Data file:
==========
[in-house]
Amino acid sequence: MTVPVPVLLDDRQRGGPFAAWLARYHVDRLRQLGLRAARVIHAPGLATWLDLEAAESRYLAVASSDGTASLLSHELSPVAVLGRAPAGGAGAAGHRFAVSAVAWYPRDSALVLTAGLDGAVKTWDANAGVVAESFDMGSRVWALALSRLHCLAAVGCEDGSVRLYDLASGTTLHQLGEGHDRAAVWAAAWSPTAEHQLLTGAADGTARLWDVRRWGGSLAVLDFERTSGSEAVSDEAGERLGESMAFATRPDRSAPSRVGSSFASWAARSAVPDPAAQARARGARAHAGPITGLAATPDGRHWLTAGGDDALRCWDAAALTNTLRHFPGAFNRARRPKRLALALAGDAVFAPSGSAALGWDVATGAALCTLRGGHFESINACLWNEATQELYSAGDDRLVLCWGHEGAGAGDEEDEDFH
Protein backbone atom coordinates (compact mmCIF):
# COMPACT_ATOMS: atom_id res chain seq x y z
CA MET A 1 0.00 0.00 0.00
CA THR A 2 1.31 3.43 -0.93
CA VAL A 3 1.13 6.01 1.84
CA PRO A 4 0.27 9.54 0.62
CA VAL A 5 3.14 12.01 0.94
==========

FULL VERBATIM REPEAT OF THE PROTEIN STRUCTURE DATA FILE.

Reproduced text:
[in-house]
Amino acid sequence: MTVPVPVLLDDRQRGGPFAAWLARYHVDRLRQLGLRAARVIHAPGLATWLDLEAAESRYLAVASSDGTASLLSHELSPVAVLGRAPAGGAGAAGHRFAVSAVAWYPRDSALVLTAGLDGAVKTWDANAGVVAESFDMGSRVWALALSRLHCLAAVGCEDGSVRLYDLASGTTLHQLGEGHDRAAVWAAAWSPTAEHQLLTGAADGTARLWDVRRWGGSLAVLDFERTSGSEAVSDEAGERLGESMAFATRPDRSAPSRVGSSFASWAARSAVPDPAAQARARGARAHAGPITGLAATPDGRHWLTAGGDDALRCWDAAALTNTLRHFPGAFNRARRPKRLALALAGDAVFAPSGSAALGWDVATGAALCTLRGGHFESINACLWNEATQELYSAGDDRLVLCWGHEGAGAGDEEDEDFH
Protein backbone atom coordinates (compact mmCIF):
# COMPACT_ATOMS: atom_id res chain seq x y z
CA MET A 1 0.00 0.00 0.00
CA THR A 2 1.31 3.43 -0.93
CA VAL A 3 1.13 6.01 1.84
CA PRO A 4 0.27 9.54 0.62
CA VAL A 5 3.14 12.01 0.94